Random Japan



At a ceremony in Boston, the president of the Japan-America Society of New Hampshire was awarded the Order of the Rising Sun, Gold Rays with Rosette. The honor was in recognition of the man’s efforts to promote “friendly Japan-US relations by raising awareness of the 1905 Treaty of Portsmouth,” whatever that is.

Reassuring absolutely no one, newly installed Defense Minister Yasuo Ichikawa labeled himself an “amateur” when it comes to national security issues.

Meanwhile, the new justice minister “expressed reluctance” about enforcing the death penalty.

An advisory council reporting to the culture minister recommended that Japan nominate Mt Fuji and the city of Kamakura as UNESCO World Heritage sites.

One year after the Akatsuki planetary probe failed in its attempt to enter the orbit of Venus, JAXA says the spacecraft may be capable of making another try in 2015.



Percentage of Japanese in 2005 who said they approve of the US military presence in Japan, according to an AP-GfK poll


Percent of Japanese who say they approve in 2011, according to the same pollsters


Number of eruptions detected on Mt. Sakurajima in Kagoshima Prefecture so far this year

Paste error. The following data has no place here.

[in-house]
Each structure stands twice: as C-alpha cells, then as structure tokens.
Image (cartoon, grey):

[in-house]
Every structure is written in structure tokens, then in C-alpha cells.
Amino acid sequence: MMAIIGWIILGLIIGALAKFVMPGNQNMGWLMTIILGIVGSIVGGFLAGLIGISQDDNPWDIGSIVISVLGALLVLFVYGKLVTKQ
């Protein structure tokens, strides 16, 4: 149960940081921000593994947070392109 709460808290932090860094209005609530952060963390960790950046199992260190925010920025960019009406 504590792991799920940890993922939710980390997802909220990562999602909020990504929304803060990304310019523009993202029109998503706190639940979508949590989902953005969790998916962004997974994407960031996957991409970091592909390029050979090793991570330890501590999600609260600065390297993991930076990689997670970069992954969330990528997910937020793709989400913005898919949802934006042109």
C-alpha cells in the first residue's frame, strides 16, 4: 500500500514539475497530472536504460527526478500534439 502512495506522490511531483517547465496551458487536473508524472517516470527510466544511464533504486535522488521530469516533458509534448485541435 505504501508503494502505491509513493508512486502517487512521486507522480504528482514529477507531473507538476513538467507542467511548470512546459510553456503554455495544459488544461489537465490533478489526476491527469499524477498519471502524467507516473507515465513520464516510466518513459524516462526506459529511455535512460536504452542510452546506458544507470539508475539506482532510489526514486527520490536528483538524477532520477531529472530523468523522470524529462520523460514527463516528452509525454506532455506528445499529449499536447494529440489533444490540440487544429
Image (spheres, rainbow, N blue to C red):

It was reported that, one year after a Chinese fishing boat collided with two Japanese Coast Guard ships near the disputed Senkaku Islands, authorities in Beijing have prohibited the captain of the boat “from ever going back to sea.”

That incident may be a motivating factor behind the recent agreement between Japan and China to establish a “a maritime information liaison system.”

At the same time, China’s agriculture ministry has dispatched three ships to the waters around the disputed Paracel islands in the South China Sea to “protect [its] sea sovereignty and fishery interests.”

Sentence of the Week: “South Korea’s Constitutional Court ruled Tuesday that it is unconstitutional for the South Korean government to make no specific effort to resolve a dispute with Japan over its refusal to directly compensate women for their sexual enslavement during Japan’s 1910-1945 colonial rule of the Korean Peninsula.” (via Kyodo)

Just What The World Needs

More Nuclear reactors

Its Real

It Just Seems Fake

Plenty Of Questions  

But No Answers  

Daughter receives letter from mom who died March 11


WATARI, Miyagi Prefecture–On Sept. 18, 8-year-old Nozomi Ono received an unexpected and poignant letter, written by her mother, Yumiko, who was swept away by the tsunami caused by the Great East Japan Earthquake.

Using mainly hiragana characters so even an elementary school child could read it, Yumiko wrote, “The day after the school entrance ceremony you walked by yourself to school. At night you were so tired you went to sleep without eating dinner. When we tried to wake you, you were in a bad mood. You made such a fit that we could not do anything.”

However, Yumiko went on to write, “I felt very at ease when you would go off to school in a healthy way.”